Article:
No. &quot;Most&quot; larger books have the spine reinforced already. My book safe is undetectable visually and by touch from any of the other books.
Haha, I could find a book, do this to make a book safe, but use it to stash my nook. It would really be a Book Nook. People will think I'm reading a regular book, but it will be digitized!! <br> <br>But really, this is a great idea, much neater looking than the xacto knife method.
<b><b>Neodymium</b></b> <b>magnets from an old CD/DVD drive would be VERY strong, you would just have to &quot;indent&quot; an area and epoxy them in... I think they are 1/8&quot; think too.. so its still very covert. The more magnets you use along the edge the stronger the closed position will be, but also that much harder to open.<br /> </b>
What a clever idea! Using magnets along the closed edge would keep the book from being inadvertently opened.
Thank you! This was fun to build
Nice one mate. Was planning on doing something like this with a book on, business statistics or some rubbish, to put my netbook in when I travel through crazier places like south america or simply for the fun of having your netbook inside such an awesome cover - but taking the pages out and using a bandsaw, i never thought of that - brilliant.
This is awesome!<br><br>For the past couple of months I've been setting up a geocaching program for the county library system and I've been hollowing out a lot of books with an Xacto knife. I'm to the point where I'm absolutely sick of it.<br><br>Now I just have to dig out my old bandsaw and buy a new blade.<br><br>Perfect!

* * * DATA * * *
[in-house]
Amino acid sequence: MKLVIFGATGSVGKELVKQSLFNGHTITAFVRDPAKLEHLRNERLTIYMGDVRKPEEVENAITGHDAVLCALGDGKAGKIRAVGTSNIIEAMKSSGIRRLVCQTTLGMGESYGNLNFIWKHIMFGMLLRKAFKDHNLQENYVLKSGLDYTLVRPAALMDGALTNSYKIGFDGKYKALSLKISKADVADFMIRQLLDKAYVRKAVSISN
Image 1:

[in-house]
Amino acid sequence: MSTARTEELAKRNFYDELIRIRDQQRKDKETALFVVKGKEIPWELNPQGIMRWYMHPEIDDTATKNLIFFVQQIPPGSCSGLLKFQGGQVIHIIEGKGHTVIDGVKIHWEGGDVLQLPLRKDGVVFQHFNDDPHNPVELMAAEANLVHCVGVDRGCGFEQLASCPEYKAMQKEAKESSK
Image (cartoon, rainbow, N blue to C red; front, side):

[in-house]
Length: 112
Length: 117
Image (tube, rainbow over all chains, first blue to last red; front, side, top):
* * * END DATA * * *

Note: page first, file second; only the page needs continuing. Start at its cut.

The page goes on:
I really like this Instructable that I am going to use for a Geocache in a Public Library. Thanks for the Idea how to do it.
Great idea!
AWESOME idea.... Is there a copyright? bc i am gunna use it
Nope, no copyright. Use it as you see fit.
This is awesome and sooooooo easy! And now I will finally have a use for the bandsaw my uncle left in the basement when he moved out!
Never wear a tie when operating a bandsaw, if it gets cought in the blade its over.
&nbsp;So wait, a silk tie is stronger than my entire upper body and back? My back would break before the tie would shred?<br /> <br /> just double checking.<br />
No, the tie would pull you into the blade and rip your face to shreds.<br />
1) Except that I'm pretty sure I'm stronger than the tie...<br /> <br /> 2) The motor, while having a high power, low rpm (the way one <em>would</em>&nbsp;be pulled into the blade) on the input is converted to high rpm and low power for the output to the blade...<br /> <br /> 2.5) ...and if you've ever held a loose blade in your hands you'd know how light they are. the same as when you stop a fan blade with your hand. momentum and mass go hand in hand. just because it's going fast doesn't mean it's unstoppable.<br /> <br /> 3) There is also a handy-dandy device called a blade guard that only exposes a designated section of the blade. unless your guard is set at a foot above the table of the saw or your face is two inches high i see no possible way to saw ones face with a bandsaw.&nbsp;<br /> <br /> I don't mean to sound rude i just don't like it when people take what they learned in shop class and expect it to be the 100% truth.